CBRE’s second-quarter national office and industrial report said there are 115.48 million square feet of net rentable area and 921,533 square feet under construction in the Southwestern Ontario region.

With land and construction costs rising, Innanen said higher rents are needed to make building economically feasible. So, developers are being cautious at the moment before moving forward with speculative projects. Most being built are either by users or are already pre-leased.

“Any planned industrial developments in the region that hadn’t already started before COVID are under scrutiny before forging ahead on spec,” said Blaine. “But in the last 30 days, we’ve closed on roughly 700,000 square feet of leases for warehouses in our market.

“Those kinds of data points are really going to support mobilizing on developments.”

Largest lease deals

CBRE recently announced the pre-leasing of a 212,000 square-foot class-A spec distribution centre in Guelph.

A Pure Industrial Real Estate Trust-owned 136,780-square-foot property on a 12.5-acre lot at 125 Maple Grove Rd. in Cambridge was leased to a large distribution company.

CBRE brokered the lease of a 129,158-square-foot industrial building at 100 Shirley Ave. in Kitchener to a global company. The former manufacturing facility is being converted to a distribution centre.

Commercial construction stopped during the early stages of COVID-19 and municipal planning was delayed, which will push back construction and completion schedules.

“It made a long process even longer,” said Innanen. “That’s going to contribute to the window where there’s going to be very little supply. I think we’ll see continued inflation in rental rates.”

Due to construction delays pushing the completion of the fully leased 212,953-square-foot 55 Quarterman Rd. property in Guelph to the third quarter, 45 Quarterman Rd. was the only project delivered in the second quarter. It offered little market relief, however, as it was 76.8 per cent pre-leased prior to completion.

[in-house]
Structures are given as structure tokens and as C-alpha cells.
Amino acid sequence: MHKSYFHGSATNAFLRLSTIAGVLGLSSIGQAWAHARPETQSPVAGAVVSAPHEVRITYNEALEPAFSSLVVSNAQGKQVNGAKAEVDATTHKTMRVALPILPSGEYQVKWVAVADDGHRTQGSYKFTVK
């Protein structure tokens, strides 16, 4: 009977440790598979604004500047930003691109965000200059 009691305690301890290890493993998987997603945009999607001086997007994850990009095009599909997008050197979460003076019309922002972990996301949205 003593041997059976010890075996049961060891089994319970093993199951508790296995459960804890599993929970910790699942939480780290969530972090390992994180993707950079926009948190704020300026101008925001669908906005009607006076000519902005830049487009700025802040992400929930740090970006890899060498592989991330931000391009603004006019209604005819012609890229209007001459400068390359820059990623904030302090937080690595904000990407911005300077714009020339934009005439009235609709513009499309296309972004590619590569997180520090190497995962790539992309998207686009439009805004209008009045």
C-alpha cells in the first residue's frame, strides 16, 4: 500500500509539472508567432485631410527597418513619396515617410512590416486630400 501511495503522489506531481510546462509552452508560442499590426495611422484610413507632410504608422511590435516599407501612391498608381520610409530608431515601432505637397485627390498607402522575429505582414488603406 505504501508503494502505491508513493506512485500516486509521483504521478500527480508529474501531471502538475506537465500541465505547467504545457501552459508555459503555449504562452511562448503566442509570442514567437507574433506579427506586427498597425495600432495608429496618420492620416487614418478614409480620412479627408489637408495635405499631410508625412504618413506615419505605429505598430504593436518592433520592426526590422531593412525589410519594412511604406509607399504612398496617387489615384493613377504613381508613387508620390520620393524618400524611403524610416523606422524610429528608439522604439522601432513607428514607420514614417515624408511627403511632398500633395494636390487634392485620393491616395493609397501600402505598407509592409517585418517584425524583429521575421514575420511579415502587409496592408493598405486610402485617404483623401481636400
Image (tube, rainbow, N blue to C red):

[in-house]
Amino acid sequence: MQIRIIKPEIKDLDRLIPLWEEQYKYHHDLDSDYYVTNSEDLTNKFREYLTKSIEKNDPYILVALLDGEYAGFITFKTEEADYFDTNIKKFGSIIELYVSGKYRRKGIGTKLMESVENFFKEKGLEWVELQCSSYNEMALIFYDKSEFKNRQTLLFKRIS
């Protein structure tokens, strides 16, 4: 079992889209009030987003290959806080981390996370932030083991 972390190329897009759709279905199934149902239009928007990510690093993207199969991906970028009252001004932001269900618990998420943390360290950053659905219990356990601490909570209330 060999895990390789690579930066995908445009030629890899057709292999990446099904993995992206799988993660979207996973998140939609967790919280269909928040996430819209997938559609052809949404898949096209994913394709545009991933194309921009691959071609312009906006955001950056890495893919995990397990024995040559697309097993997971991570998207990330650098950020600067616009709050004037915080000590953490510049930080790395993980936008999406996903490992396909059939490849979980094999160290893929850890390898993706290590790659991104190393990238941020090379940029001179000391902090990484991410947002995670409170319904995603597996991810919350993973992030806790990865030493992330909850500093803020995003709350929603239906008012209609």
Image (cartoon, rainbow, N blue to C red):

Biggest sales transactions

The biggest industrial property transaction in the region so far this year is Dream Industrial REIT’s (DIR-UN-T) $62.5-million acquisition of the 12-building, 566,000-square-foot Berkshire portfolio in Kitchener’s Huron Business Park.

The second-largest sale was Conestoga College’s acquisition of a 248,820-square-foot former Erwin Hymer Group plant on a 40-acre site at 25 Reuter Dr. in Cambridge. The building will house the college’s skilled trades programs.

Blaine expects to see activity ramp up by industrial owner/occupiers for industrial land. Investors should follow their lead as long as financing is available.

“There’s still available land at a relatively reasonable cost in our market,” said Blaine.

Development pipeline

Healthcare of Ontario Pension Plan’s (HOOPP) 300-acre iPort Properties in Cambridge will bring about four million square feet to market in multiple phases over the next several years, according to Blaine. HOOPP plans to move forward on spec, with the first buildings to be delivered in late 2021.

The next phase of Cooper Construction’s Hanlon Creek Business Park in Guelph is underway with a 440,000-square-foot building that’s expected to be delivered in the fourth quarter of next year.

BentallGreenOak has site approval to build 129,700 square feet at 45 Tyler St. in Cambridge’s Gateway Business Park, near Highway 401 and Townline Road. Blaine said it’s waiting for some pre-leasing before moving forward.

Trademark Industries Inc. is designing a 295,000-square-foot facility at 770 Boxwood Dr. in Cambridge, according to Blaine.